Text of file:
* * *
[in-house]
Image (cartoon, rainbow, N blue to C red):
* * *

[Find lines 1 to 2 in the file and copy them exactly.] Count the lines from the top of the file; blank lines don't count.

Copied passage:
[in-house]
Image (cartoon, rainbow, N blue to C red):